Huntington's disease, a neurodegenerative genetic disorder that affects muscle coordination and leads to cognitive decline, has been known to be caused by a genetic mutation in a patient’s DNA.
In a recent ground-breaking study published in Nature on March 26, 2014, Dr. Solomon H. Snyder and his team of researchers at Johns Hopkins University have reported that a cellular mechanism in the genetic mutation causes the vast neurodegeneration that ultimately leads to Huntington’s disease.
His theory proposes that the symptoms of the disease arise from a deficiency of the amino acid cysteine in the brain. The theory is based on experiments with mice that suffer from symptoms of Huntington’s disease as well as cultured human tissue.
This research is a major milestone in the understanding and treatment of Huntington’s disease and could potentially lead to a treatment plan that would decrease its onset with simple dietary supplementation.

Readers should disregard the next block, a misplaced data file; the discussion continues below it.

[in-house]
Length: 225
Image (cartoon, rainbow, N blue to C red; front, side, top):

Dr. Snyder received his undergraduate and medical training at Georgetown University (MD 1962); Research Associate training with Julius Axelrod at the NIH (1963–1965); and psychiatric training at the Johns Hopkins Hospital (1965–1968).
He is the recipient of numerous awards and professional honors and a member of the United States National Academy of Sciences and a Fellow of the American Academy of Arts and Sciences and the American Philosophical Society.
Dr. Snyder has authored more than 1000 journal articles and several books including Uses of Marijuana (1971), Madness and the Brain (1974), The Troubled Mind (1976), Biological Aspects of Abnormal Behavior (1980), Drugs and the Brain (1986), and Brainstorming (1989). He is an ASPET member since 1995.